4. Hi Richard,
    All perfectly said and I 100% agree with you. Also, this is not a new or radical idea. You and others online have been talking about this for years. In addition, as Elizabeth Sweet points out, in the 70’s there was much less gender focused marketing of toys. The 1975 Sears Catalog – less than 2% of toys explicitly marketed to boys or girls. The 1995 Sears Catalog, that number had jumped to 50%.
    So to those that argue this is some radical idea or political correctness gone wrong, the facts show otherwise. Not sure how an idea from the 70s can now be portrayed as radical.
    Ask me to define a building toy, I can do it.
    Ask me to define an educational toy, I can do it.
    Ask me to define an outdoor toy, I can do it.
    Ask anyone, including the TIA to define a Boy Toy or a Girl Toy and they can NOT do it.
    If we can’t define it, let’s stop marketing to it.

  5. Thing is, for our kids, it’s not just about selling toys. There are longer term impacts.
    Toys are part of the entire package of messages about what a child could and should aspire to be – if science, mess, war are designated for one gender and nurture, beauty and passivity for the other, you have to be a strong willed child to cross those lines particularly as your peers and adults reinforce them. The exclusionary marketing tells our kids THIS IS NOT FOR YOU. When products are produced to address this, they tend to be linked to the stereotype- girl science with pink, glitter and making make up, blue clothes on the baby doll for boys.
    We are unlikely ever to get to see the market segmentation financial data that would show whether pink-girl-princess-beauty etc. is really more profitable than gender neutral. And gender neutral is not all wooden blocks and wholesome. Recognising that girls (and boys) aspiring to be Rey and wanting the action figure of the film’s lead character, and that housework and childcare do not have to be in the girls section would be a start!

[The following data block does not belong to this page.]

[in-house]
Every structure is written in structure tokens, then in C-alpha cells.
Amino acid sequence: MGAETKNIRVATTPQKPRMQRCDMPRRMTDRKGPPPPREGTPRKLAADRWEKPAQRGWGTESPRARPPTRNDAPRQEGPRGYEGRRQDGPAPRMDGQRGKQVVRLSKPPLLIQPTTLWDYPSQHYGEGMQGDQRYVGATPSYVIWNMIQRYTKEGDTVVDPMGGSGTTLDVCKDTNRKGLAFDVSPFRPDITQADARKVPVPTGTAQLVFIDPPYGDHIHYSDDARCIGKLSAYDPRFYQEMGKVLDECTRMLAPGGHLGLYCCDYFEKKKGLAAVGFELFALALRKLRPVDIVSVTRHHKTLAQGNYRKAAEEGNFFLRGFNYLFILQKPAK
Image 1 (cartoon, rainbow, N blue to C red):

6. It is way past time to do away with the notion of “boys'” toys and “girls'” toys. As I said in a post I wrote about Target’s decision to removed gendered signage from its toy aisles:
    “Consider that stores don’t label the housewares department “women’s” nor the hardware department “men’s.” Libraries don’t categorize books as men’s, women’s, boys’, or girls’. Why? Because those labels are too subjective. Retailers can’t possibly assume that only women shop for oven mitts and small appliances, or that men will be the only customers interested in drill bits or screwdrivers. Similarly, librarians would be raked over the coals if they ever decreed books about war and sports as “men’s,” and romance and cooking as “women’s…Other than the clothing department, we don’t accept gendered labels when shopping, so why do we allow them in the toy department?”
    When you assign gender to a toy, you’re assigning gender to the activity associated with that toy and, in the process, telling kids which behaviours and interests are “appropriate” for a boy or girl. Every gendered message–whether in a toy, book, TV show, or movie–is a piece of the puzzle that children assemble as they try to figure out where they belong in the world and what they are capable of. Why limit their options with arbitrary gender labels? Why not let them decide which path they want to follow?